“We have been very successful in our endeavors, thanks in no small part to our volunteers—” there was applause here. “And our hardworking crew. We’ve finished with our experiments and now it’s time to go on to greater heights. We will have an army who will obey us completely, so long as we pay them—in bananas! And now that we have three million bananas and the funds, we’re all set for the next phase. We may be needing more volunteers, however.” Why did she seem so down when she talked about volunteers? Weren’t they a good thing? I wasn’t even sure what was going on. I guessed it was either a top-secret government experiment or illegal experimentation on the monkeys. Whichever, I was thoroughly confused. I peered out the handle of the crate. A small, toned woman with honey blond hair was the one making the speech. She stood in front of a small crowd, and to the side were several younger people—including Elena, I realized. They all looked miserable, a contrast to the grinning crowd next to them. “Now we will bring the bananas to the monkeys, and they will become indebted to us. We will have our army!” The crowd cheered. “Volunteers, would you be so kind…?” The volunteers walked to the crates. I ducked down. Soon the crate got picked up again, and once the crate got set down I looked through the handle. Monkeys were crawling to the crates, and the volunteers were taking off the lids. It was only a matter of time before I was discovered, and as soon as I had the thought, the lid disappeared and Elena was staring at me.
“How… why are you here? You’ve got to get away!” She hissed. In way of answer, I replied:
“What’s going on here?”
“These people are doing illegal stuff, and these monkeys will devour you if you’re in the…”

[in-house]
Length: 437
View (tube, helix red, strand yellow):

“What! A person!” Another volunteer shrieked.
“Um… hi?” Ernest greeted.
“Please don’t let the monkeys devour Ernest,” I whispered to Elena.
“All right, get out of the crate, Ernest!” Elena called. Seeing no other option, he did. “Get out of the crate, Jade. We’re making a break for it, ” she said out of the side of her mouth. I knocked the crate over, crawled out of it and scrambled to my feet. I grabbed Ernest’s hand and Elena grabbed my hand and we sprinted like that for a few moments, before Elena dropped my hand and I dropped Ernest’s. Someone yelled after us and I heard the pounding of feet behind us. We ran harder, hearts in our throats.
“Where… we going?” Ernest puffed.
“Need… tell… someone… ‘bout this… follow me,” Elena replied. She headed for a car by the side of the road and pulled keys out of her pocket. Ernest yanked the door open and Elena jumped inside and inserted the keys. I turned to see three people chasing us, two men and a woman. And they were almost there. I shoved Ernest into the car.
“Go! I’ll distract them!” I shouted, and slammed the door closed. Elena, who most certainly would not have left me behind had she been thinking clearly, stepped on the pedal and was on her way. “Hey! Over here!” I jumped up and down waving my arms wildly. Then I realized how this was obviously a distraction. I noticed a small crate near me. I picked it up and threw it at the three people. The lid flew off and bananas slid out, right in the path of the three. They slipped, tripped, wobbled and fell on their faces. I used my momentary advantage to chase after the car Elena and Ernest were riding away in, but I wasn’t looking where I was going and I tripped on a banana. I fell flat onto the hard asphalt and lay for a moment, stunned. Then I pushed myself up and was surrounded by the three people.
They brought me to a small room, to the woman who had given the speech.
“Hello,” she greeted. “Do you know what is going on here?”
“Um… are you illegally creating a monkey army?” I asked.
“Well, some people put it that way.” She conceded, scowling. “How did you get here?”
“Uh… the train.”
“Do you know the two kids who left in the car?”
“I met the boy a few hours ago. The other is my sister,” I responded carefully.
“Ah. I see. Now, time to drop the bomb—you cannot leave here. This is top secret.” She announced.